Should the United States prioritize the pursuit of national security objectives above the digital privacy of its citizens?

Asked by: msmith0126
  • Nation Over Me

    What is more important, our nation or our personal lives. Why do we have people in the military if they cared only about themselves. Our nations security is way more important than our personal agendas. LOOK AT THE BIG PICTURE!!!!!! ! ! ! ! ! . . . . .

  • Security is more important.

    National security objectives in my opinion should be prioritized because the although they might not be useful right now, think about it, they have sworn to not violate any personal data and/or publicize it. If it has a chance of helping reduce foreign attacks, I think we should support it. We trust the government with our social security numbers etc. Looking at our digital life is not bad for anyone, except people who have massive things to hide from our own president.

  • Security is more important.

    If you are dead, can you enjoy your freedom? I think that it security is far more important than privacy. Why do you care if the government looks through your stuff? I wished the government should have more security. If there are more security cameras, fewer people commit crimes. If the government monitors the internet, then the terrorists have a harder time communicating.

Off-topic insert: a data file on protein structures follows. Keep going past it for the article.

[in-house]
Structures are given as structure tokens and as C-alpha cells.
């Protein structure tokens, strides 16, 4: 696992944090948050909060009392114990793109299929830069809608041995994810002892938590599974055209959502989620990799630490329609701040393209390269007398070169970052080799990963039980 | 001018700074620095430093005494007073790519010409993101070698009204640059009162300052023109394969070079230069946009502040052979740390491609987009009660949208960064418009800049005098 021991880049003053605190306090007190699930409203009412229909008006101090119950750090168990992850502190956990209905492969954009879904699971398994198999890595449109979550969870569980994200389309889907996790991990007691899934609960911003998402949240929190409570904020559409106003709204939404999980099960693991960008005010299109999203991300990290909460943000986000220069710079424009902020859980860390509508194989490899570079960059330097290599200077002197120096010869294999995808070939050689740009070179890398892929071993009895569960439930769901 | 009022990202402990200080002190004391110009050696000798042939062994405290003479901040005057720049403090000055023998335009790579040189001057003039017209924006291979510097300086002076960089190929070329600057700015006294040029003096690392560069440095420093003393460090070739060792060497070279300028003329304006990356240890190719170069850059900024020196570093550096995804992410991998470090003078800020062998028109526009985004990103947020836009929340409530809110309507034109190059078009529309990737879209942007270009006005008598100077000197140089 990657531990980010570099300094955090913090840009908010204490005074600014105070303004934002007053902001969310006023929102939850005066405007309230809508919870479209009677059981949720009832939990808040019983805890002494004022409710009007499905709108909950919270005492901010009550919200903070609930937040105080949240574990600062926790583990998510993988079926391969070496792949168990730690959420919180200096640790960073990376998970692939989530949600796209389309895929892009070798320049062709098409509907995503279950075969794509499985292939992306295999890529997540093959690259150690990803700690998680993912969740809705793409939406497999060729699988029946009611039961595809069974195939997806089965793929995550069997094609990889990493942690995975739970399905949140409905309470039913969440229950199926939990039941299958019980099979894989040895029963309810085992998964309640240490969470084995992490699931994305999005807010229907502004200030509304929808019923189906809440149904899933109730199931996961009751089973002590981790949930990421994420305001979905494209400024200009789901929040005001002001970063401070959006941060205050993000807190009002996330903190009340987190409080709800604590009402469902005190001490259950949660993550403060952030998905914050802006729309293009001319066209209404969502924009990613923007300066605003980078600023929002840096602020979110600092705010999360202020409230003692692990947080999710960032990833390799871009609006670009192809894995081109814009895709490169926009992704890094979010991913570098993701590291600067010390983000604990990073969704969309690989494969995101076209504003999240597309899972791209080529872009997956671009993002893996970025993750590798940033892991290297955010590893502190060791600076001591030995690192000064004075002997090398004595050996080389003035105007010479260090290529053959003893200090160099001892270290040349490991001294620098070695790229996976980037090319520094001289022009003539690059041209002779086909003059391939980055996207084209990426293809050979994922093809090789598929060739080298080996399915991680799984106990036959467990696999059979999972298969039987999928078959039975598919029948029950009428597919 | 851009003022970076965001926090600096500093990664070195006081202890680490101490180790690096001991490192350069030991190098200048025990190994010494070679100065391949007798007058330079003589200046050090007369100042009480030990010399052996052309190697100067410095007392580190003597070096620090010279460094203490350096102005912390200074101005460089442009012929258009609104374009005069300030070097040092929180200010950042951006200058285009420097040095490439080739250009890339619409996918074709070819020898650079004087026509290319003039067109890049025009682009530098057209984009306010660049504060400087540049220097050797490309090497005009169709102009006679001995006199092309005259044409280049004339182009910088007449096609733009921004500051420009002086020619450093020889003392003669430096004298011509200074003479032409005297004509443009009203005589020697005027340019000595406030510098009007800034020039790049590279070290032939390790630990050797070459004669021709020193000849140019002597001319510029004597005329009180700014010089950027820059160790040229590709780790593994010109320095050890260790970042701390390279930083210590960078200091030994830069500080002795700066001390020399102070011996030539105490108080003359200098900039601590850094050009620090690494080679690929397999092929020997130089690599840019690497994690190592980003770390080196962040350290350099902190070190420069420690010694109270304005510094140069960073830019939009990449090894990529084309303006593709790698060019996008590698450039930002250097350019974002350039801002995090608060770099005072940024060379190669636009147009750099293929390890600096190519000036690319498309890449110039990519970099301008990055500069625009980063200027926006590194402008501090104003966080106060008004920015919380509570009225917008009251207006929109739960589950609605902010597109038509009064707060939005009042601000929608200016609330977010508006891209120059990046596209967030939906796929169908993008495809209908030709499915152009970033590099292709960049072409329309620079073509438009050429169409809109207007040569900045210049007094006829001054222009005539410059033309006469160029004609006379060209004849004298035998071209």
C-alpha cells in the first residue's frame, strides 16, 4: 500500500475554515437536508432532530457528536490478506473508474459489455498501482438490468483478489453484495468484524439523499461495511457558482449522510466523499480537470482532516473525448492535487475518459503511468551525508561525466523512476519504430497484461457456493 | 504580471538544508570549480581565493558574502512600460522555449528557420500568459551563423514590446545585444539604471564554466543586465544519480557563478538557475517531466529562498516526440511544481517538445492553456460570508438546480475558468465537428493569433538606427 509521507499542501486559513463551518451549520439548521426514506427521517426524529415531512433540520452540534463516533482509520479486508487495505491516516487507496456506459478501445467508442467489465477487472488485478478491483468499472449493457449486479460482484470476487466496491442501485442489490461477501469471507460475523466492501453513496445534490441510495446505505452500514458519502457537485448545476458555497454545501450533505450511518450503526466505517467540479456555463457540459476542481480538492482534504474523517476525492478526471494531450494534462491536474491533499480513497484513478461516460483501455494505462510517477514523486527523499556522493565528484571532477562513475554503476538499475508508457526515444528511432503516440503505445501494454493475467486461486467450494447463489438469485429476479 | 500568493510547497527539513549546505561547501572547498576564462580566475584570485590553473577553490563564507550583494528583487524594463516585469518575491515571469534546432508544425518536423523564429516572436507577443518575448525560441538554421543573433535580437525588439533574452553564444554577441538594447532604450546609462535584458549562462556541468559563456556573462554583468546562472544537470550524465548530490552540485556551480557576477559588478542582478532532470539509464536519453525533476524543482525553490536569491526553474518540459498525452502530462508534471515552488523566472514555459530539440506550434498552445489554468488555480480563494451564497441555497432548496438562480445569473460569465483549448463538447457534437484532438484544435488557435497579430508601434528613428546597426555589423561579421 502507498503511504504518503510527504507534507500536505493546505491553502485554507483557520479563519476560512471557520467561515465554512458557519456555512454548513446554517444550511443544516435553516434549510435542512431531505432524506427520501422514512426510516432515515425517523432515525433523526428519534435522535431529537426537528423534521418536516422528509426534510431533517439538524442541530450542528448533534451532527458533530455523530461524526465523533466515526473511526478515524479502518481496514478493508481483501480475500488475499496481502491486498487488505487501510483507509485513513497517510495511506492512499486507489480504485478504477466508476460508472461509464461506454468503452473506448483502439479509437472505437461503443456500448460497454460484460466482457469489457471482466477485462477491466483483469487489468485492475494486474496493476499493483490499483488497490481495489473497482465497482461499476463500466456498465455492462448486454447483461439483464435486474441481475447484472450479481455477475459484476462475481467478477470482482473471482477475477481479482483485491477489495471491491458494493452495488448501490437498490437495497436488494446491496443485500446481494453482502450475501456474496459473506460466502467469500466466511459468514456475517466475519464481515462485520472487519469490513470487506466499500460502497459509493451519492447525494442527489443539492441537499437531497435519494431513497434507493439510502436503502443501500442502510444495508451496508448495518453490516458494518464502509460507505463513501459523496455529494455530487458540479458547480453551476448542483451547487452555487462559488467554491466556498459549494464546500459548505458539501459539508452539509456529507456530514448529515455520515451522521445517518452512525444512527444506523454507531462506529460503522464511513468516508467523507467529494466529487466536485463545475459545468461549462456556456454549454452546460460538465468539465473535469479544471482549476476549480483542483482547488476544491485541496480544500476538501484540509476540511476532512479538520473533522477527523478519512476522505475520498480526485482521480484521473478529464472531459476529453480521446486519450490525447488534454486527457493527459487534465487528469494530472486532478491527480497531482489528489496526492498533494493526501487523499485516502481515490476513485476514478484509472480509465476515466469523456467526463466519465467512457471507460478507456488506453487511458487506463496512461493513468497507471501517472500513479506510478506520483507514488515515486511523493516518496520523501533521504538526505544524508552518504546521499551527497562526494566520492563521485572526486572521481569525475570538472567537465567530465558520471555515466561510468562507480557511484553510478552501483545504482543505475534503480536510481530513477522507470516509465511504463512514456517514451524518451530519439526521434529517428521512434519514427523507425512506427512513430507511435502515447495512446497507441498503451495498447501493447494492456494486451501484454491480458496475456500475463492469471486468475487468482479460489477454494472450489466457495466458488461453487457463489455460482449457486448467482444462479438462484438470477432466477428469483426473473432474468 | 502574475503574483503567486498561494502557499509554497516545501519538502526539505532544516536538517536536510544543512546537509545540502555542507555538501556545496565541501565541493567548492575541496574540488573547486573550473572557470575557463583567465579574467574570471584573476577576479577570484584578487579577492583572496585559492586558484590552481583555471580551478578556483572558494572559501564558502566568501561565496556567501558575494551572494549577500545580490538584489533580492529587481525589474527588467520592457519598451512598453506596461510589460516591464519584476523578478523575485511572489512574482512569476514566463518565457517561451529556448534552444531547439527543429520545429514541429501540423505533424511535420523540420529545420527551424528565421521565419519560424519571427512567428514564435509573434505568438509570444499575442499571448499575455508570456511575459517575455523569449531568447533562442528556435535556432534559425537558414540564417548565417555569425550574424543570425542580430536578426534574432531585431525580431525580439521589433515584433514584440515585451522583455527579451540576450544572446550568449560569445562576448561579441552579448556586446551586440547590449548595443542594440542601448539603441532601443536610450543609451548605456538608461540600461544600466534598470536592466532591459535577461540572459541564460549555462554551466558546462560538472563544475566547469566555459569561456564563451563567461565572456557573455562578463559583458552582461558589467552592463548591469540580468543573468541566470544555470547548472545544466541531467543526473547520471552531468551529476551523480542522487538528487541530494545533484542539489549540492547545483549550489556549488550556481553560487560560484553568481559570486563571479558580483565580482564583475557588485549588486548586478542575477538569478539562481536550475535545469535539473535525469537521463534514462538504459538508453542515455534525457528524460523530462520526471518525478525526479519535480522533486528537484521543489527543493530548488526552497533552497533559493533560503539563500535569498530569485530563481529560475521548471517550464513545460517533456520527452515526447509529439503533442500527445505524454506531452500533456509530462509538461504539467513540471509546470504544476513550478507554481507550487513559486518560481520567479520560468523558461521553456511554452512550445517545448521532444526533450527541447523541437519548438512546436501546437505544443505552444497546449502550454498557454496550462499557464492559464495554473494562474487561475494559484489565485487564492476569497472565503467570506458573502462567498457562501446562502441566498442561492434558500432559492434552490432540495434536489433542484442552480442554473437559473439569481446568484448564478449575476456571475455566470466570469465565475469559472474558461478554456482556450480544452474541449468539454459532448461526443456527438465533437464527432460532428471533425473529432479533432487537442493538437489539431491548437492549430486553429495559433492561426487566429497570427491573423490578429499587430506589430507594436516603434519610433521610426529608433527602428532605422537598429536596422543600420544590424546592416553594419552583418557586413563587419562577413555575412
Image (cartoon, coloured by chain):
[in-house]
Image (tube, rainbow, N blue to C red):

• Liberty is more Important

    Its proved in research that National Security Objectives such as looking through emails and purchases hasn't very been ineffective. Its not really working. In the Bill of Rights, we are protected by the Fourth Amendment on how there cannot be any searches and seizures and our privacy is our possession.

  • Liberty is more important.

    Despite many proponents arguments that national security is supreme, there is little evidence that shows that sacrificing digital privacy leads to a heightened level of national security. Even more important to consider - digital privacy is not just our texts or phone calls; its our online purchases and library checkout lists and internet searches. Is that really necessary to increase our pursuit or fulfillment of national security objectives? I think not.

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